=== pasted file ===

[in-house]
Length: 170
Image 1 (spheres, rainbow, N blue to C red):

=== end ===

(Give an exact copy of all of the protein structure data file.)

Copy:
[in-house]
Length: 170
Image 1 (spheres, rainbow, N blue to C red):